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Author Topic: Etruscan vase bright azure blue opaline c1850,what is the picture,which country?  (Read 19091 times)

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I have been doing some more searching on this -  after many years of researching and reading  ;D  - and come to a conclusion.

I've found a vase (no longer listed unfortunately) that was sold on ebay in 2019.  It's marked Richardson vitrified and I believe it is one of the pieces as quoted in Jason Ellis's book page 327 which references that W.H., B. and J. Richardson were awarded the Royal Society of Art's Gold Isis Medal in 1847.

The reference is part of a longer piece but I'm quoting the part specific to what I believe is the vase I've seen listed on ebay:
Quoted section removed as requested by OP.

This piece quoted refers to 1847 and of course Richardson may have continued to improve it's coloured glass by c. 1850 ish, but there is nothing in the whole information on pages 326 and 327 of that book, nor anything I've seen or found over the years of searching for this, to indicate Richardson's were producing the colour of blue opaline glass of my vase around that time.

For the moment then, I conclude that although the shape of the vase and top neck and rim are remarkably similar to many Richardson white opaline 'Etruscan' vases produced in that period, this was not produced at Richardson's glass c. 1850.

I don't think it is English glass because of the blue opaline and the shape of the stem and foot.  If it is English, I think it can only have been produced much later because of the blue opaline but against that however, it's my opinion the enamelling and decoration and the stem and foot leads me to believe it was produced c.1850 ish.

So, off to other climes with this one :)

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Came across this very interesting piece -

A green 'Chrysoprasglas' (uranium opaline glass) jug attributed to 'Annathal bei Schüttenhofen (zugeschrieben), um 1840-50.'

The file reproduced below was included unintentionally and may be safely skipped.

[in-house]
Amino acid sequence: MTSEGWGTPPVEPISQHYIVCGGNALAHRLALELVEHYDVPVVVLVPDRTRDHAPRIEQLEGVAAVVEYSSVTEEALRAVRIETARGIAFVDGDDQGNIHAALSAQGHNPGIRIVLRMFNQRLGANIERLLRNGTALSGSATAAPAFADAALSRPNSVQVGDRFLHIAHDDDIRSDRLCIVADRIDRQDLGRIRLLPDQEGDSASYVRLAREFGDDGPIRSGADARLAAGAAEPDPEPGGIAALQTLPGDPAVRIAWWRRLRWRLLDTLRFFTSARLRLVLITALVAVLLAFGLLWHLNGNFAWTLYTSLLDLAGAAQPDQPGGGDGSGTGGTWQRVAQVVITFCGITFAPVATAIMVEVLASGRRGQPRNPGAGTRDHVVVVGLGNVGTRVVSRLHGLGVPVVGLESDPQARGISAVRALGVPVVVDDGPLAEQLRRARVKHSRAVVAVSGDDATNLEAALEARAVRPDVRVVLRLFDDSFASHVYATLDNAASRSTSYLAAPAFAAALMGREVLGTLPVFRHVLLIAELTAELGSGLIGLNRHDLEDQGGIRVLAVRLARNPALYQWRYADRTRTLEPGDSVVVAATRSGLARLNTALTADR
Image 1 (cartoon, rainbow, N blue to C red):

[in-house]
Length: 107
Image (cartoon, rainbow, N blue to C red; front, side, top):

The jug is vertically panel cut with wide panels.  Each alternate panel is painted with a matt biscuit coloured background and finely handpainted with  scenes.  The way they are painted is intricate and detailed using paints and inks.  It isn't the same as the fine detailed line depiction on my vase which may have been done using a 'pen'. 

This is the first time I've found a piece from this period which appears to have the same biscuit coloured enamel background painted on.  It's described by the seller as a 'white' background
Antikes Glas Neuwirth describe it as (google translate)

'Rare jug made of colored alabaster glass (so-called chrysoprase glass), offset multi-faceted foot, on the multi-faceted wall in gold and colorful enamel painting on a white background, depictions of mythical creatures and angels surrounded by floral bundles, leaves and tendrils, multiple, faceted, attached ears with gold line decor. Bottom with a dislocated demolition. Kanne is in a cured state.
Böhmen, Annathal bei Schüttenhofen (attributed), around 1840-50.
Height: approx. 24.8 cm, diameter: approx. 17.0 cm.'

My vase would certainly be the quality of Annathal bei Schüttenhofen glass  but it also indicates this type of matt biscuit enamelling background was done in the period 1840-1850 in Bohemia.

There is also a becher in matching style:

link to a close up of the biscuit coloured enamel painting on my vase:;topic=53085.0;attach=132748;image

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